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Scuba diving BorneoSome of the world’s finest scuba-diving attractions can be found in Malaysian Borneo, just off the Sabah coast. Mabul, Sipadan, Layang-Layang … the region is spoiled for dive sites of global renown. Sabah offers adventurous dives of every sort, from muck diving to macro life. The five spots listed here are by no means the only diving options in Sabah, the Borneo Dream, but they’re some of the most memorable.

1) Tunku Abdul Rahman Park

This marine park is made up of a cluster of islands that lie close to Kota Kinabalu. They can be reached via an easy 20-minute board ride. The water is shallow and the currents are gentle; coral reefs surround the five small islands. This is a perfect introductory Sabah dive. Novice divers can encounter a huge range of undersea life in the Tunku Abdul Rahman Marine Park.

Some of the rarer sights to look out for are mandarin fish and harlequin ghost pipefish. Hawksbill turtles are common, and lucky divers visiting in the colder months (November to February) may even encounter whale sharks feeding on the park’s plankton.

2) Layang-Layang Island Resort

The Layang-Layang atoll lies 186 miles west of Sabah, and it offers intrepid divers one of the world’s most thrilling and carefully-preserved dive sites. Layang-Layang is a pelagic palace with walls dropping more than 2,000 meters. This is also a shark haven; divers can see greys, leopards, silvertip, hammerheads and even thresher sharks here.

Politically speaking, Layang-Layang is a disputed territory. This is a good thing for the diving prospects; the waters are kept safe and unpolluted by a small Malaysian naval base. (The base is off-limits to tourists.)

The only way to reach Layang-Layang is to take a flight from Kota Kinabalu. Diving arrangements and accommodations have to be made with the Layang-Layang Island Resort, the atoll’s sole tourist facility. The diving season is from March to October.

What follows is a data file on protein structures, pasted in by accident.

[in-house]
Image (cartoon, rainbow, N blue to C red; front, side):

3) Sipadan Island

Centrally located in the Indo-Pacific basin, Sipadan has a well-deserved reputation all around the globe for having a remarkable underwater ecosystem. The reefs around the island are home to more than 3,000 species of coral and fish. Sipadan Island is widely acclaimed as the best diving destination in Sabah – if not the whole hemisphere. Sipidan has non-living dive attractions as well; its famous “turtle tomb” is an eerie cave system that’s home to countless sea turtle skeletons.

There are no longer any accommodations offered to divers on Sipadan itself. You’ll find the nearest accommodations on Mabul Island or in Semporna. To protect the coral in the area, dive permits are strictly limited. Only 120 are issued for each day. If you want to dive around Sipadan, make your arrangements well in advance!

4) Mabul Island

Mabul Island is growing rapidly in popularity. It’s not just its proximity to Sipadan; Mabul itself offers some superb muck diving. The island offers a range of accommodation options and you can dive without a permit. The waters around the island are rich, with a global reputation for exceptional underwater macro photography opportunities. Fascinating creatures seen on almost every dive include octopi, squids and cuttlefish. Mabul’s main reef perches at the edge of the continental shelf at 25 to 30 meters depth.

The jump-off point for a trip to Mabul Island is Semporna, which lies at the southeastern tip of Sabah.

5) Labuan Island

71 miles off Kota Kinabalu and easily accessible from Sabah, Sarawak and Brunei; Labuan is a duty-free island. For divers, its chief attraction is the healthy crop of nearby shipwrecks.

There are four wrecks well worth seeing, all of them no more than 35 meters deep. The wrecks are suitable for both veteran wreck divers and less-experienced novices. The wrecks are half civilian and half military; two of the ships (USS Salute and the Dutch SS De Klerk) were sunk in World War II.

You can reach Labuan via ferry from Kota Kinabalu or Brunei’s Bandar Seri Begawan. Plan an extended stay; the island has a lot of above-water attractions in addition to its wrecks!

Post Author: Marta Boettcher